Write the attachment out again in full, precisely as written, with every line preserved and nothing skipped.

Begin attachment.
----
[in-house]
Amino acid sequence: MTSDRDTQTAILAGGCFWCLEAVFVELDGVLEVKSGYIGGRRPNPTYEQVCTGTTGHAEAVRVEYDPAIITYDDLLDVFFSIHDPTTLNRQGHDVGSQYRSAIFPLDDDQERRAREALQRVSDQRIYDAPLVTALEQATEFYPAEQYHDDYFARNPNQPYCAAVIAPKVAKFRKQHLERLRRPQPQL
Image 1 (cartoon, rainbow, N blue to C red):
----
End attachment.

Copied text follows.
[in-house]
Amino acid sequence: MTSDRDTQTAILAGGCFWCLEAVFVELDGVLEVKSGYIGGRRPNPTYEQVCTGTTGHAEAVRVEYDPAIITYDDLLDVFFSIHDPTTLNRQGHDVGSQYRSAIFPLDDDQERRAREALQRVSDQRIYDAPLVTALEQATEFYPAEQYHDDYFARNPNQPYCAAVIAPKVAKFRKQHLERLRRPQPQL
Image 1 (cartoon, rainbow, N blue to C red):